I was watching this episode of the Nostalgia Critic, in which he analyzes M. Night Shyamalan’s travesty The Last Airbender and compares it to Avatar: The Last Airbender, upon which it was based. I recommend you check it out, too– you won’t be disappointed.
He made one point in particular, though, that stuck with me:
“You have a great set-up for an emotional moment. Aang is seeing all his past lives. The power and weight of who he is should hit him at this very point. But instead, what do they do? Try to explain more exposition… And that is the problem. Whether you’re aware of the show, or you’re not aware of the show, the movie is all explanation with no humanity. Why do you think they waited twenty minutes to ask [the protagonist] his name? Because that wasn’t what was most important to Shyamalan. The identity? Who gives a shit. It can’t be nearly as important as explaining and explaining and explaining and explaining.
I DON’T FUCKING CARE!
And you know why? Because I never once heard anyone in this movie say ‘I feel this’ or ‘I like this’ or ‘I wonder this’. There are no emotions being addressed. Traditionally storytelling is setting up a character, sending them on a journey, and learning more about them through the journey. Last Airbender is just chess piece storytelling. Character goes here. character goes there. Characters says this. Pawn to King Four. So in this scene, which should have been the emotional pinnacle of our main star, it’s just more explaining about what happened, rather than why it happened.”
We’ve all heard the standard “Show, Don’t Tell,” but I got something a bit deeper out of Doug Walker’s commentary: don’t let a work’s story usurp its soul.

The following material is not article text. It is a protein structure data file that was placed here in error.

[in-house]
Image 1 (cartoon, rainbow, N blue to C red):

What does that even mean?
Shyamalan’s problem with The Last Airbender was that he tried to include all the mythos and backstory of a three-season television series in a two-hour movie, and he does it at the expense of the characters emotions and interactions. I’ve noticed that I have the same problem in my own writing. I get so caught up in the backstory and worldbuilding that I forget that the characters are supposed to be taking center stage in this story. It’s what Walker calls “the most essential element of telling any story; if the character can never express any emotion, why should the audience ever express any emotion?”
The same holds true whether you’re trying to tell a character-driven story or a plot-driven story. The characters are our way of connecting to the events going on. If we can’t relate to them on some level, the story becomes little more than a textbook.
Like I’ve said, I’m still working on this myself. But here’s some fixes that I’ve been experimenting with:
- If the backstory is more interesting than the protagonist’s story, try telling that one instead.
- If a subplot is taking up needless space but isn’t strong enough to be swapped for the A plot, consider cutting it entirely.
- If the reader doesn’t receive this particular piece of exposition/explanation, will they be utterly incapable of grasping the plot from this point on? If the answer is no, you’re probably safe to cut it.
Notice that all of these are a variety of “snip that sucker”? It’s not a coincidence.
That isn’t to say a deep and well-thought-out world and backstory is a bad thing. In fact, it can become fuel for the sorts of significant details that make a world feel lifelike, creates more well-rounded and interesting characters, and can add subtext to dialogue. But in all three of these cases, the effect is strongest when that backstory is omnipresent, rather than being described every thirty seconds. After all, you don’t need an advanced degree in physics to feel the effects of gravity. Just by seeing it acting around us, we have a pretty strong grasp of what it does.